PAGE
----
Operation Above the Center Frequency:
Figs. 7-11 and 7-12 show two successive half-cycles in the operation of the tuned discriminator. Here the operating frequency is higher than the center frequency. From Fig. 7-1 we see that the carrier frequency is modulated by the audio voltage, so that frequencies higher than the center frequency represent positive peaks of audio voltage and lower frequencies represent negative troughs.
The voltage polarities applied to the two diode plates are indicated by red and blue plus and minus signs on both plates of tank capacitor C3. The blue signs represent the voltage polarity resulting from the oscillating tank current. Observe that during the first half-cycle of Fig. 7-11, this voltage makes the upper plate of C3 positive and the lower plate negative. But something else occurs during this same half-cycle-both plates are made negative by virtue of being coupled capacitively to the voltage at the top of the primary tank. The coupling current, shown in dotted red lines, alternately delivers electrons to both sides of the secondary tank during the first half-cycle, making both sides of the tank negative. During the second half-cycle, it then withdraws electrons and both sides are made positive.
As a result of these two voltages acting independently on the secondary tank circuit, neither diode can conduct electrons during the first half-cycle. The reason is that the lower-diode plate is at a high negative voltage, while the upper-diode plate remains at a neutral voltage. (In essence, the positive and negative components cancel each other at the upper-diode plate.) The lower diode conducts electrons during the second half-cycle because both applied voltages are positive. The upper-diode plate is again at a neutral voltage, and the positive and negative applied volt ages cancel each other as before. Thus we have a means of assuring that the lower diode will conduct more electrons than the upper diode when the circuit is operated above the center frequency. This fact has a direct bearing on the voltages developed across output resistors R2 and R3-and on the sum of these two voltages, which is the discriminator output voltage.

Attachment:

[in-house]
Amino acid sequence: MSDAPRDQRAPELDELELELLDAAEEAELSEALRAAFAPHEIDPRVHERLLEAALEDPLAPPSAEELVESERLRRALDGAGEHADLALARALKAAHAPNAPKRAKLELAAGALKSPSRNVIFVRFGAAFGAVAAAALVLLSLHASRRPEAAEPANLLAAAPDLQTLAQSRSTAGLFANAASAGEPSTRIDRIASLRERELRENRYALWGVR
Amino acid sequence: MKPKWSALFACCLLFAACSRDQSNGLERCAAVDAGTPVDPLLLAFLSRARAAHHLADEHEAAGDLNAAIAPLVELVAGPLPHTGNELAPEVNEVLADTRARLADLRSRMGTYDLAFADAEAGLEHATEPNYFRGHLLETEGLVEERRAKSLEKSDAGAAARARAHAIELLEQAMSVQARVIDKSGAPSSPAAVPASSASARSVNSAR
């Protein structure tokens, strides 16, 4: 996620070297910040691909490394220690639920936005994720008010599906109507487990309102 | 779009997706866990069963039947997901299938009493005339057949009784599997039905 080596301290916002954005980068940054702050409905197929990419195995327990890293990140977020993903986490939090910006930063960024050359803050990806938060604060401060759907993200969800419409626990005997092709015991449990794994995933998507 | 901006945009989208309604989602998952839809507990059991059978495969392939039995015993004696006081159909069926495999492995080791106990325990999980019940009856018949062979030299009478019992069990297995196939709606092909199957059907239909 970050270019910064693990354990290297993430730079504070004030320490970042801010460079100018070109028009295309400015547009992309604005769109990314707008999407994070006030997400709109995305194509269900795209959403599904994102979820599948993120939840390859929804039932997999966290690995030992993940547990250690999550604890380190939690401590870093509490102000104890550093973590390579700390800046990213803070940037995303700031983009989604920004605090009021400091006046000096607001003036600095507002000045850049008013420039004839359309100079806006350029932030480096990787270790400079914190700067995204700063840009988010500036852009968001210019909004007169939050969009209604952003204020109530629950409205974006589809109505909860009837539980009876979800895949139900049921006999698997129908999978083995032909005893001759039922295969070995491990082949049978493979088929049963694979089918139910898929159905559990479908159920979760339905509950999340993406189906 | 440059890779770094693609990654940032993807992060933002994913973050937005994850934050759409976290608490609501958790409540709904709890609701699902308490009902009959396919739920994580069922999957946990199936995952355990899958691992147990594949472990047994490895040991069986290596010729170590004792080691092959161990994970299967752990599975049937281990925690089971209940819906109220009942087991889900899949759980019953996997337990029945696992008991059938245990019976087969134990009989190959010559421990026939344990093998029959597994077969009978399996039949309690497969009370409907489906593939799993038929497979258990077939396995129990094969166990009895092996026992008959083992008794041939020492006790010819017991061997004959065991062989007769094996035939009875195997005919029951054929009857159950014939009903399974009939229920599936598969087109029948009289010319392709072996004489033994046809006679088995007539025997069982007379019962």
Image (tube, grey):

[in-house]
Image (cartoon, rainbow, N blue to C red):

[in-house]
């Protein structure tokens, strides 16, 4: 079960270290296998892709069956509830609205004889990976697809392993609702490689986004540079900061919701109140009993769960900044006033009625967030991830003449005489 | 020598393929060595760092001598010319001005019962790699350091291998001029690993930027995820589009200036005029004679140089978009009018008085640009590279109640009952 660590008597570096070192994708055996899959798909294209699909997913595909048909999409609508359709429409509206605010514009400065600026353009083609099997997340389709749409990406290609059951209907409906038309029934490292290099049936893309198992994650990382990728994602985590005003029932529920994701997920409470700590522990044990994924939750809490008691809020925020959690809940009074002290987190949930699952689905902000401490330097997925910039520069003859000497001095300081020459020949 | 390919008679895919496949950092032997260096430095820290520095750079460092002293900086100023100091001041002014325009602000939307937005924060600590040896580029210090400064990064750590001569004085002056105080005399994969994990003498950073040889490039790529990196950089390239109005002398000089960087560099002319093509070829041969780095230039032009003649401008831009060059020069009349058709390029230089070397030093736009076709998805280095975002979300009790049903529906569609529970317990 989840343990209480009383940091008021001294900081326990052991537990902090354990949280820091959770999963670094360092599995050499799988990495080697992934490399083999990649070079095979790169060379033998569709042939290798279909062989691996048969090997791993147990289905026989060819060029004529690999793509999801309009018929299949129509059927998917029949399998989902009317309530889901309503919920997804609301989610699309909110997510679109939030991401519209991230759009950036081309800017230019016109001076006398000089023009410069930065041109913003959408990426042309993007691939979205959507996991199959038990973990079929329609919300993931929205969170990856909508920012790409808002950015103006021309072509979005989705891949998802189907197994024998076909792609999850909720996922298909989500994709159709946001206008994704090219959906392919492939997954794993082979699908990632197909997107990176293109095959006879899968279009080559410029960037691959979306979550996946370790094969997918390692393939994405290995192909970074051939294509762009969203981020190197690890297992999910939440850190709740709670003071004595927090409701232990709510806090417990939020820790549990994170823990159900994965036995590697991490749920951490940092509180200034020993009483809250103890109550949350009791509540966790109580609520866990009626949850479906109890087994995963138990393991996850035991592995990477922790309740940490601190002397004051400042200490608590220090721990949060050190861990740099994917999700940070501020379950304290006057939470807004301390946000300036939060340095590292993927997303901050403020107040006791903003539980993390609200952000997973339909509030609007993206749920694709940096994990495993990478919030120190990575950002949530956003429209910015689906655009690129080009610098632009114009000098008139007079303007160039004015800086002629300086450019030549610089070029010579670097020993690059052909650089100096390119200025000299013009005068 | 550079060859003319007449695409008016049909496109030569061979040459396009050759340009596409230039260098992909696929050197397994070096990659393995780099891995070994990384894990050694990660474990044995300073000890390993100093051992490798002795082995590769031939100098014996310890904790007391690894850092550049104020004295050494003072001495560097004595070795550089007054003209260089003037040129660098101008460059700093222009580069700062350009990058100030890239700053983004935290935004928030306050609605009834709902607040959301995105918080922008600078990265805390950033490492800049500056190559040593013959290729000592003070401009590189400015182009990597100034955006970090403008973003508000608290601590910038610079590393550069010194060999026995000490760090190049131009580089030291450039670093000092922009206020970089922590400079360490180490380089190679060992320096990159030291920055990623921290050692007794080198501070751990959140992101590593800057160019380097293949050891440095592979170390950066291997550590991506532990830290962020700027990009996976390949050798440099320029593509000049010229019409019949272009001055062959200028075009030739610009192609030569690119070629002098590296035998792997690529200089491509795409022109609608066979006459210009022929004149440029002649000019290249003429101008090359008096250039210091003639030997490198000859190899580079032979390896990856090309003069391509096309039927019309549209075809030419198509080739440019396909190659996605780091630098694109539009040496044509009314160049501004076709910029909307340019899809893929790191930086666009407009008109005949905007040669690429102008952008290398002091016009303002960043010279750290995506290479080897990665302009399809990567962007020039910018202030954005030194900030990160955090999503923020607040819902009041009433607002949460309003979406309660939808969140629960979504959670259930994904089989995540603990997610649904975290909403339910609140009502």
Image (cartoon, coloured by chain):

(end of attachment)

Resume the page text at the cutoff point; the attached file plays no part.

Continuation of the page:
Under the conditions shown in Figs. 7-11 and 7-12 (the upper diode not conducting), no current will flow through resistor R2 and no voltage will be developed across it. Consequently, the total output voltage across both resistors will equal the voltage drop across R3 resulting from the lower diode current flowing through it. Therefore the output voltage, measured at the top of the resistor combination, will be negative.
The results indicated by this discussion would appear to conflict with the classical response curve of an FM detector in Fig. 7-5. As shown, the voltage is positive above the center frequency and negative below it. This discrepancy is not of great significance. It stems from the assumptions made at the outset, and in particular from the manner in which these assumptions were de fined and interpreted. It is accepted, for instance, that when two tank circuits are inductively coupled together and operated at resonance, their oscillatory voltages will be a quarter of a cycle out of phase with each other. However, it was an act of interpretation to assume that the points for measuring and comparing these two voltages would be the tops of the two tank circuits, as they are drawn in the various circuit diagrams in this section, beginning with Fig. 7-6.